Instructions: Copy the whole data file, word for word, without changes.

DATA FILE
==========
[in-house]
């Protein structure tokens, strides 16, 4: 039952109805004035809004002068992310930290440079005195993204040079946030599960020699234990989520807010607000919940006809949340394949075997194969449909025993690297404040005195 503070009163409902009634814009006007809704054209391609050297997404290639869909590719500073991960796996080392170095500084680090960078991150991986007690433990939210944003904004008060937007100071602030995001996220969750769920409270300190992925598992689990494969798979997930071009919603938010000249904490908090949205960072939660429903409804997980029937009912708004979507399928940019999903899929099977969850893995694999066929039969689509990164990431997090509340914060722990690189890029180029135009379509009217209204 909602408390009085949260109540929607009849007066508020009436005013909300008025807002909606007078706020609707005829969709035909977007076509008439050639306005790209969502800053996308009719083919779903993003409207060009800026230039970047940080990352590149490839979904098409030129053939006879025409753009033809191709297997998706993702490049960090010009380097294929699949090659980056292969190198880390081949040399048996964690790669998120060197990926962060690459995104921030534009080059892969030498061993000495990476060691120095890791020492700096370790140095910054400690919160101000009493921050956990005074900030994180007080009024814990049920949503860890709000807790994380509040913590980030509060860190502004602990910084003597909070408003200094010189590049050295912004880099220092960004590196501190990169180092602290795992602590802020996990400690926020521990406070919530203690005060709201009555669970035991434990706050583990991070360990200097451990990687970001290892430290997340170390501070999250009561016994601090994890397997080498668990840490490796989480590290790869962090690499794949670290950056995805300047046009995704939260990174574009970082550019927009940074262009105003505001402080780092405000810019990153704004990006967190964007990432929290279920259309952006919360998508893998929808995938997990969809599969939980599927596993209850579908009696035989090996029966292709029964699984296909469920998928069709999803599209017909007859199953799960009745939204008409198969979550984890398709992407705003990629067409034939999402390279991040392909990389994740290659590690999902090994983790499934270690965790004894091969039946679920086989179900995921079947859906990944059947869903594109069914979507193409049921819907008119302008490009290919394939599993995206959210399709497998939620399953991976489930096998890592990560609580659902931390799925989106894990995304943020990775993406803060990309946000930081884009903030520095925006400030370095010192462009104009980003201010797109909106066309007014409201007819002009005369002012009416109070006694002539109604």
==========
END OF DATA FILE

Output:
[in-house]
């Protein structure tokens, strides 16, 4: 039952109805004035809004002068992310930290440079005195993204040079946030599960020699234990989520807010607000919940006809949340394949075997194969449909025993690297404040005195 503070009163409902009634814009006007809704054209391609050297997404290639869909590719500073991960796996080392170095500084680090960078991150991986007690433990939210944003904004008060937007100071602030995001996220969750769920409270300190992925598992689990494969798979997930071009919603938010000249904490908090949205960072939660429903409804997980029937009912708004979507399928940019999903899929099977969850893995694999066929039969689509990164990431997090509340914060722990690189890029180029135009379509009217209204 909602408390009085949260109540929607009849007066508020009436005013909300008025807002909606007078706020609707005829969709035909977007076509008439050639306005790209969502800053996308009719083919779903993003409207060009800026230039970047940080990352590149490839979904098409030129053939006879025409753009033809191709297997998706993702490049960090010009380097294929699949090659980056292969190198880390081949040399048996964690790669998120060197990926962060690459995104921030534009080059892969030498061993000495990476060691120095890791020492700096370790140095910054400690919160101000009493921050956990005074900030994180007080009024814990049920949503860890709000807790994380509040913590980030509060860190502004602990910084003597909070408003200094010189590049050295912004880099220092960004590196501190990169180092602290795992602590802020996990400690926020521990406070919530203690005060709201009555669970035991434990706050583990991070360990200097451990990687970001290892430290997340170390501070999250009561016994601090994890397997080498668990840490490796989480590290790869962090690499794949670290950056995805300047046009995704939260990174574009970082550019927009940074262009105003505001402080780092405000810019990153704004990006967190964007990432929290279920259309952006919360998508893998929808995938997990969809599969939980599927596993209850579908009696035989090996029966292709029964699984296909469920998928069709999803599209017909007859199953799960009745939204008409198969979550984890398709992407705003990629067409034939999402390279991040392909990389994740290659590690999902090994983790499934270690965790004894091969039946679920086989179900995921079947859906990944059947869903594109069914979507193409049921819907008119302008490009290919394939599993995206959210399709497998939620399953991976489930096998890592990560609580659902931390799925989106894990995304943020990775993406803060990309946000930081884009903030520095925006400030370095010192462009104009980003201010797109909106066309007014409201007819002009005369002012009416109070006694002539109604």